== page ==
It will be a primary object to render the Journal a first rate commercial paper, worthy of the city. To this end an extensive correspondence will be maintained, the most ably conducted periodicals will be taken, and no pains nor expense will be spared to procure authentic reviews of the markets, prices current &c. It will be necessary to maintain a boat establishment for the collection of marine news; and this must be done at our individual cost, as the public and our establishment will be benefited by competition...

- Journal of Commerce, September 1, 1828

By setting out to sea Hale was able to gather information about European crop harvests, the prices of goods , the fortunes of nations, and a world of other information that could be traded on for profit. But he didn't stop there. In 1849 he pooled resources with several other newspapers and started running a boat and pony express network to quickly get news to New York from the inbound mail steamers that first docked in Halifax, Nova Scotia. This was the birth of the Associated Press.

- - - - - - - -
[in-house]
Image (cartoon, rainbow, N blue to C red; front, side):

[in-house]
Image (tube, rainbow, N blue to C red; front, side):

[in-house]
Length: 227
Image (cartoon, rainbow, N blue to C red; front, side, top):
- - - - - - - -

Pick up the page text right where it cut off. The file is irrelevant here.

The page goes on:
Fast forward to 2009. RavenPack is a small New York-based company that “provides dynamically tagged news feeds and analytics that meet the accuracy and low latency requirements of today’s markets.” Translation: RavenPack's software automatically sifts through news to very quickly decide what a story is about, and whether it is positive or negative. “Very quickly” in this context means processing hundreds of stories a few thousandth of a second after their publication. RavenPack sells the system to financial companies who use it to help make trading decisions. The company claims that in 90 percent of cases the information they provide can be used to profitably decide which stocks to buy, sell or hold.

I'd argue there's very little difference between Harry Blake rowing across the Boston harbor and RavenPack racing through terabytes of data: they are both in pursuit of news, and they both understand the value of getting the scoop. From a strict news perspective, all that has changed is the technology, velocity and volume.

And when we think of social media, we should see it for what it is – an improvement over a row boat. Social media is just a new means of delivery.